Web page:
By Greg Beeler
There are a lot of great quotes about being a dad. There are a lot of things said about how to teach your son to be the man you intended to be. There are a lot of opportunities to coach baseball, work on the car, & have father-son time. But, where does a man learn to be a dad to a little girl? How does a dad begin to understand what life is like for his daughter? And, even more difficult, because he went through life being the opposite, a boy, where does he learn to teach his daughter without being unfair, biased, or sexist?
I’m a guy. I do guy things. I love He-Man & laugh at Wonder Woman. I use to jump my bike over small creeks & flip-up little girls’ skirts on “Flip-Up Friday”. When I got hurt, I didn’t cry because my older brother would call me a girl. As I grew up, I started skateboarding & listening to punk music. Most of my friends were boys. Everything I was interested in involved being tough, competitive, & male. When my friends started drinking & doing drugs, I did the tough male thing & didn’t do them. When everyone else is rebelling, the rebel thing to do is not rebel. So, I thought of myself as the tougher male by not giving into the peer pressure.
My brevity & machismo was bound to be noticed by the males with less testosterone, right? Well, these kid adventures & teenage years began a long road of taking the higher ground, doing what was uncommon, & showing that I was eager to become a strong man. In my mind, I was going to be a man who could pass this knowledge & strength on… to my son.
In 1996, I found out that I was going to be a dad. I was ecstatic. My whole life had been lived with the ideal of being a dad as the grand accomplishment. To that day, I had never done a drug. To that day, I had never drunk alcohol. To that day, I had made every decision based on the questions: Would a dad do “X”? When I am a dad, will I regret that I did “X”? When I am a dad, will I be able to tell my kids about “X”? I fully expected to be a dad someday and turned down beer, drugs, & women because they weren’t the actions that I would be able to openly tell my children about. I had also avoided speeding tickets, dropping out of school, & numerous other things that look bad on a dad’s resume.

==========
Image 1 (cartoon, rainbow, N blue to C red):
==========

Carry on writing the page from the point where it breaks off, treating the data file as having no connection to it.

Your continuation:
Now, it was almost time for my namesake to be born so that I could tell him everything that I had waited to share. My DAUGHTER was born the day before my birthday. After she recovered from some delivery complications, they wrapped her in a pink blanket & stuck a pink ribbon on her head. Without much warning, my whole future changed. All of my masculine knowledge was now useless. It was like a large female dog came into the hospital & ate 21 years worth of homework. Will my beautiful daughter appreciate my Lego building skills? Will my daughter ever care that the gauge measurements of metal seem to work backwards? Will my daughter ever have a lustful man look at her like I’ve looked at her mother? I wasn’t prepared to answer these questions. I had two younger sisters, but I had never talked to them about life. I had never asked them what they had for goals, ideals, or expectations from living as a girl. And, even if I had, I wouldn’t have related to their answers.
Three years after my first daughter’s birth, I was looking at another baby wrapped in pink & wearing a pink ribbon. By this time, I had come to love having a daughter. I still went to Home Depot when making my Christmas list. I still took my kid with me. Except, now we had to brush hair before going to the store & we’d stop at the paint aisle to see which slightly girlish version of blue she wanted to paint her bedroom walls. She wasn’t a total girlie girl, and we found a happy medium as father-daughter.